Speaking at the International Astronautical Congress in Washington, Bezos announced the “national team”, of which his Blue Origin would be the prime contractor (naturally). The members consist of Lockheed Martin for the Ascent Stage, Northrop Grumman for the Transfer Element and Draper providing the guidance and navigation systems.

“We could not ask for better partners,” intoned the billionaire, which is fair enough. After all, elements of all the companies in the team-up worked on the Apollo program back in the day (although those engineers will have long been put out to pasture.)

The Transfer Element will guide the stack from lunar orbit to close to the Moon, from whence the Descent Element will conduct a powered descent. Lockheed Martin’s ascent module will then send the freshly minted Moonwalkers back into space.

Blue Origin will also be building the descent element of the lander, which uses the company’s BE-7 engine. The powerplant, Bezos said, is fuelled by liquid hydrogen and oxygen and as well being “highly throttleable” and developing 10,000 pounds of thrust.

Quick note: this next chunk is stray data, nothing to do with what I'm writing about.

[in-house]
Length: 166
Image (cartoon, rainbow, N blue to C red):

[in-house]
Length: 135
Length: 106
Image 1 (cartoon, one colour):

The BE-7, of course, has yet to actually leave the test stand. Bezos told the audience that to date, the company had managed 13 minutes of test time, including a three-minute continuous firing.

That same engine, Bezos added, would be used by Northrop Grumman in the transfer element of the lunar lander stack.

Bezos unveiled the Blue Moon lander back in May and the announcement of the National Team is an indicator that it will take more than one company to meet the 2024 goal. It will also reassure those within NASA nervous about flinging cash at a company that has yet to even make Earth orbit, let alone do anything in deep space.

And NASA has lots of experience in giving money to Lockheed Martin and Northrop Grumman after all.

Grumman, of course, built the original Apollo Lunar Module back in NASA’s glory days while Draper provided the guidance systems for the Moon missions.